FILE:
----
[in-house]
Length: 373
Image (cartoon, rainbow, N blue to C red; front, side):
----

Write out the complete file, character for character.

[in-house]
Length: 373
Image (cartoon, rainbow, N blue to C red; front, side):